The new pastor here is I think sort of a liberal theologian, so when I heard of him referencing this gentleman named Baxter Kruger I became curious about who he was so I sent the letter below to a few of my friends and copied it to the new pastor. He sorta took offense that I had insinuated that Dr. Baxter was a universalist. Baxter states as you can see that he is not.

Still now at this date I'm curious what you think of Dr. Baxter's theology and particularly this phrase from his writing below "That Jesus Christ loves us all and has included us everyone in his life with his Father and the Holy Spirit, I consider to be an absolute, eternal fact."

This doesn't sound like the teaching that occupies my head, since I believe that we become a child of God when we are saved?

Thanks for listening as ever

Response #5:  

Always good to hear from you, my friend. I don't know anything much about this person except that your characterization of him as liberal seems correct. He has some weird views on the Trinity. Mostly from what I saw his stuff is amorphous (like the quote you include) and hard to pin down. Bottom line: if what you say / write is so vague that people can assume you are a universalist, then maybe you are better off sticking to designing fishing lures (wherein I gather he's had some success).

Your friend in Jesus Christ,

Bob L.

Question #6: 

Dear professor,

I don't know how to express it. But, to survive, we have to be somewhat what-some-extreme-preachers-would-call worldly. There is the fact that the people of the Bible were never seemed to have expected to be deprived for long (if at all) of worldly things. At first He gave the first two everything. Then there was deprivations for sin and testing, but not permanently. Job got his stuff back. Etc. And in the future in we are given even more of it (what some would consider worldly things)-the Feast, crowns, etc. Not that it is actually worldly, just that a feast and crown by itself fits under the criteria most of these types use.

Maybe we don't disagree, I just come from denial and deprivation so I look at it weirdly. And I couldn't care less what the world thinks.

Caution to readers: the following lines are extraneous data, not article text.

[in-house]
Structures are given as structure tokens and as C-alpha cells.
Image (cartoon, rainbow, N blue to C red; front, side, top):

What do you think of mission trips? I personally don't approve of most modern ones, for a number of reasons like that many people who go on them have no skills or training, don't know anything about the people they are going to, only go for a very short period of time (as in come in, fix a house/give a service) and then that is it. Wouldn't it make more sense to take the money spent on traveling and just give that to them (if already saved). If not saved, does a short service where nothing is followed up on do any good?

I am a bit miffed: in college I gave a pittance to help this one girl go to (I think it was)
10 countries in a year. And I regret it. Plus, that sounds more like a vacation spree now that I have some distance from it.

Response #6: 

I'm certainly not into "willful deprivation"! At least not for no specific good reason. So if I had to give up ordering a pizza, e.g., to keep the ministry online for another month, I think I'd be happy to do so. Blessedly, I'm not in that situation. I'm not crazy about enduring anything uncomfortable or annoying, but I occasionally put up with both in doing things that are good for me both physically and spiritually, and for this ministry. There's no point, in my view, in being a martyr when it's not called for. That is silliness and not of God. If we've had times in our life when things have been extremely hard for any number of reasons, then all the more reason to rejoice if they're better now. We don't accept the grace God has given us in vain, however. We try to make use of the "clear sailing" to spend more time growing in the Word, praying for those in need, and engaging in the ministry to which we have been called. But God does not begrudge us enjoying in godly ways the bounty He's given us.

I've also never been convinced that such short "mission trips" are anything more that Christian sightseeing. OK, perhaps the folks on them help build a house or similar. Seems to me there are better ways to get that done if that is something God puts on your heart to get done. What people need the world over is the truth. Having a place to live, food and clothing, are necessary in order to live a life for the Lord – which is all about hearing, believing and living the truth. "Doing" very easily becomes divorced from the truth on every level.